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Indian Police Question Karmapa
by The Associated Press, January 29, 2011
DHARMSALA, India -- Indian authorities are investigating the source of large amounts of money found in a northern Indian monastery that is the headquarters of Tibetan Buddhism's third most important leader, police said Saturday.
<< In this Friday, Jan. 28, 2011 photo, policemen carry a metal box containing money from the Gyuto monastery, the home of Ugyen Thinley Dorje, the 17th Karmapa, in Dharmsala, India. Indian authorities have begun investigation into nearly $777,000 that had been found in the northern Indian monastery, the headquarters of Buddhism's third most important Tibetan leader, D.S. Minhas, director general of police in the northern Indian state of Himachal Pradesh said Saturday.
Police and revenue officials are tracking about $777,000 found in the Gyuto monastery, the home of Ugyen Thinley Dorje, the 17th Karmapa, said D.S. Minhas, director general of police in the northern Indian state of Himachal Pradesh.
The money was in nearly two dozen foreign currencies, including a large amount of Chinese yuan, Minhas told The Associated Press.
"The amount of money we found was so large that we will certainly look into every angle of what could be the source, and what was the purpose," Minhas said.
Indian media have been carrying reports that the Karmapa could be a Chinese agent sent to India to become a leader of exiled Tibetan Buddhists who have made their home in the northern Indian town of Dharmsala.
The Karmapa has been living in Dharmsala since his arrival from Tibet in 2000.
Minhas said police questioned the Karmapa on Friday and would talk to him again about the source of the funds. It was not immediately known what the Buddhist leader said to police.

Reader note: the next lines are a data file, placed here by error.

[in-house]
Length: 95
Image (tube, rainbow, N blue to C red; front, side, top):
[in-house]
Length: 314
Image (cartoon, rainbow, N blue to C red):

His office denied in a statement Saturday that he had any links with Beijing.
It said the Chinese currency found by the authorities had been donated by followers in Tibet.
"All our dealings across the world are honest and completely transparent — anything else would be contrary to the Buddhist principles that we live by," the statement said.
Dharmsala has been the headquarters of the self-declared Tibetan government-in-exile since the Dalai Lama, the 75-year-old Tibetan spiritual leader, fled the Himalayan region in 1959.
China's government reviles the Dalai Lama, accusing him of pushing for independence for Tibet and sowing trouble there. A boy named by the Dalai Lama as the second-highest Tibetan spiritual leader in 1995 disappeared shortly afterward and China selected another boy.
Police raided the Gyuto monastery on Thursday and arrested a monk on suspicion of trying to illegally buy land in the region.
The raid followed the arrest of two Indians a day earlier who were found carrying 10 million rupees ($22,200) in cash, said Santosh Patial, a superintendent of police.
On questioning, the two said they had received the money from the monk, an Indian national, to buy a plot of land in Himachal Pradesh where Dharmsala is located.
Patial said the Indians, who come from other Indian states, need special government permission to buy land in Himachal Pradesh state.